Thank you, Justin, for opening our eyes to a wild world of imagination. Start surfing everythingwolf.com to pick out the new wolf t-shirt that’s coming your way! You deserve it.

Nov 23 2011

#207 “Transcendental Variety”

From Colin in Chattanooga, Tennessee

There are many aspects of this illustration that I find significant and intriguing, but two of the most prevalent features that speak to me are the inherent ideas of transcendentalism and variety that are on display here. Seeing as how the illustration depicts (in some ways) a creature that is a conglomeration of other animals, it seems that the picture comments on the diversity of life in the world around us. But at the same time, when we take a closer look, we see common threads throughout almost all forms of life. We see characteristics and features that are almost universal to all creatures, whether they be wolf, duck, tiger, horse or human.

In the end, as I lay my eyes upon this drawing which is clearly a celebration of life and nature, I am reminded of two of my favorite quotes by some of the world’s leading scientific minds. Ruminate on these thoughts and enjoy!

“I think nature’s imagination is so much greater than man’s.
She’s never going to let us relax.”
- Richard Feynman

“We are all connected:
To each other, biologically; To the earth, chemically; To the rest of the universe atomically.”
- Neil deGrasse Tyson

Nov 18 2011

#202 “Coco”

From Coco in British Columbia, Canada

Knowing that the name “Coco” is French for “little pet,” one might natural expect that an artist with this moniker would produce an illustration with lofty themes of innocence and purity. Perhaps a mother wolf coddling her young might be appropriate, or maybe even a transcendental vision of a human and a wolf frolicking together in a field of heather, communing with each other in perfect harmony. But as you can see from the illustration above, assumptions don’t always translate into realities, and sometimes our expectations can be shattered so wildly that our minds are left reeling with the difficult task of reconciling our predictions with actuality.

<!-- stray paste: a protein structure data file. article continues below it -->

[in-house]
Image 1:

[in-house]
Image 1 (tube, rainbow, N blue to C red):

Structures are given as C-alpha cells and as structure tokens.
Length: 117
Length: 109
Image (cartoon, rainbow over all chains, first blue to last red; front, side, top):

This wolf, although not overtly engaged in any particular scene of violence, is one of the most frightening that I have received. He is not depicted in profile or presented at a distance. This wolf is up close, personal, and in your face. There’s no denying his presence as he locks eyes with the viewer, his fangs and jowls smoking with bloody execution as if he has just finished unseaming fresh victims from the naves to the chops. He is overtly dangerous, chillingly ominous, and certainly menacing.

When considering exactly how I would go about constructing this post, I decided early on that I wanted to pair this illustration with a wolf-related song that was just as sinister and forbidding as the picture. I started researching dark and gloomy werewolf-related compositions and seemed to be having no luck, but all of a sudden the lupine gods stepped in, and with a random youtube click, I had stumbled upon a werewolf melody that was too applicable to be denied. First of all the name of the artist is Cocorosie. I’m sure you can see the connection between the name of the musical artist and the name of the artist behind this illustration. Secondly, this song, entitled “Werewolf,” seems to accurately encapsulate the full experience that Coco offers in her picture. When you listen to the song, you’ll notice a strangely conflicted combination of sweetness and savagery that somehow seems to works all too well. There is an innocence in the voice, tone, and musicality that is very enticing, but the lyrics and theme of the song are undeniably disturbing and fit this illustration like a murderous glove.